Local anesthetic dosages. A new look at an old drug

You have administered 4 carpules of 2%Lidocaine with 1:100,000 epinephrine to a hypertensive patient. Which amount represents the correct dose of epinephrine the patient received (expressed in micrograms)?

That is incorrect.

Explanantion: A concentration of 1:100,000 epinephrine is a ratio. 1:100,000 represents 1 gram of epinephrine dissolved in 100,000 ml of solvent. This is equivalent to 10 mcg/ml (where mcg = micrograms).

To simplify the math, let's over estimate the volume at 2 cc per dental carpule rather than the peculiar dose of 1.7 or 1.8 cc.  This is safe practice for estimating dosages.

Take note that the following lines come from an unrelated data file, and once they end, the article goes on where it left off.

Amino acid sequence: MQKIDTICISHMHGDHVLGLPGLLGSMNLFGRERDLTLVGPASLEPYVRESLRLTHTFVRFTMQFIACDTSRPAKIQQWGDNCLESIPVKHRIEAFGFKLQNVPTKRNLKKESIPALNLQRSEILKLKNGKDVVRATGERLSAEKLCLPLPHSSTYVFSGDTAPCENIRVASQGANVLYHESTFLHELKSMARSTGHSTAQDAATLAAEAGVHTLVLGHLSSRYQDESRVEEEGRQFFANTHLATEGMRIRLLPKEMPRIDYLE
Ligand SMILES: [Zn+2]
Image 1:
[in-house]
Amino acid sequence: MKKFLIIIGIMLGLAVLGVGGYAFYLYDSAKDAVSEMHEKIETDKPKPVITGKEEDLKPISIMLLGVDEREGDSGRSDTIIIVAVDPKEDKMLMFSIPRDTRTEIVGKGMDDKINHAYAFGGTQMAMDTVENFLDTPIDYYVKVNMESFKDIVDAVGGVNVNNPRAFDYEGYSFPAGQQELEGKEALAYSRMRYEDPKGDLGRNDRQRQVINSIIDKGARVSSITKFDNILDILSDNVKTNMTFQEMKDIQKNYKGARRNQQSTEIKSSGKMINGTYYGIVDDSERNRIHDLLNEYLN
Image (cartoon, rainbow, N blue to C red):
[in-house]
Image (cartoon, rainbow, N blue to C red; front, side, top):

Each dental carpule of anesthetic that has epinephrine in a 1:100,000 concentration has roughly 20 mcg of epinephrine per carpule. See below:

10 mcg/ml x 2.0 cc/carpule = 18 mcg/carpule

4 carpules x 20 mcg/carpule = 80 mcg of epinephrine.

There is no maximum dose of epinephrine recommended. However it is prudent to have a baseline blood pressure and monitor the blood pressure during the appointment. By way of comparison, the epinephrine dose for treatment of anaphylaxis is 300mcg.

To learn more and expand you knowledge check out Southwest Oral Surgery's new online Continuing Education course on local anesthetics and safe dosages by clicking the link below.